I’m queer. As an asexual Muslim, I’m queer.
I’m still trying to figure out how to even have that conversation with anybody but LGBT Muslims, or if I ever will.
In the meantime, my not being married and not seeking marriage isolates me. Converts to Islam who don’t have a larger community they already belong to are often very marginalized in Muslim communities in America. Many can find a way in by marrying. But I can’t do that.
Being asexual and Muslim has often meant a profound loneliness and a silence about everything that made that loneliness. That’s a queer experience too, to be isolated and alone because of where your sexual orientation puts you, and to not be able to explain why.
And another thing is, strawberreli is pretty much the only other asexual Muslim I’ve come across even on Tumblr, except for a couple of blogs that have long since gone inactive. I’m glad I’m not the only one, but that’s really freaking lonely. I’m guessing that most of the other asexual Muslims (and yes, they exist and are out there) are like me, isolated and alone. Part of my motivation in finally writing this post is in case an asexual Muslim finds it and realizes they are not broken and not alone, not failing at the religion. There are a lot of answers I still don’t have, but I hope I can give someone that, at least.
For those of us who are rainbow identified, we are painfully aware of the fact that being queer or trans or gay or bi or a or inter… this does not exclude us from having to contend with the rollercoaster ride that is iman. The prophet Muhammad, PBUH, said that faith goes up and down. There are references in the Qur’an to things that will increase and decrease faith. There are countless books, stories, and khutbah about ways to improve our iman.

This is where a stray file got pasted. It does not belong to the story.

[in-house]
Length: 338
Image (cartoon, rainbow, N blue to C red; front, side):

Even though this is something that all faith-havers have to deal with, it is especially difficult for LGBTQ* Muslims because if we turn to other Muslims that we trust to discuss faith and spiritual issues, we can be completely destroyed when the suggestion is to NOT be the way Allah made us.
I am a queer femme. I am also Muslim. And when I tried to have a conversation about personal issues with salaat, it was suggested to me that I leave my wife. My sexuality was mentioned as the quick fix for the problem. And to be completely honest, this was the last time I opened up to non-queer Muslims about how I was feeling.
I am, alhamdulillah, part of a queer Muslim community of people I can talk to and share with now. And fortunately, I have access to uplifting literature by some of the female Islamic scholars whose writing has really done wonders to help me through the open challenge to the patriarchal, heteronormative standards for the way we come to know and understand Islam, and Islamic knowledge.
"Reading the Signs" by Dr. Rabia T. Harris is the specific essay that has filled my heart up and done wonders to help increase my iman. This essay is in a book called "Windows of Faith" edited by Gisela Webb. If you can get your hands on it, do so. There are several works in this book that have helped me feel like I was not going crazy when I thought that it would be possible for me to be queer and Muslim.
And so with that, I’m starting to feel.. to really get why it was so important and so perfect for Allah to use “READ” as the very first command to Prophet Muhammad (SAWS)…and to us. Because it has been through reading that I was inspired to go to Jumu’ah.
In spite of the fact that I hadn’t gone in months.
In spite of the fact that the documentary I’m in is showing at several places in the country.
In spite of the fact that there are people in a community that I am no longer in community with.
There is a space for me to grow in Islam. There is a space for me to manifest my Islam in my life in a way that works best for me. And one of those ways is for me to pray the prayer of Muhammad SAWS. That prayer is the one that I’m working to establish 5 or more times a day. That prayer is the one that I like to breathe through and feel the benefits of each pose it contains. I especially like to pray when no one is around. When I’m not being rushed or dealing with the hustle and bustle of the day.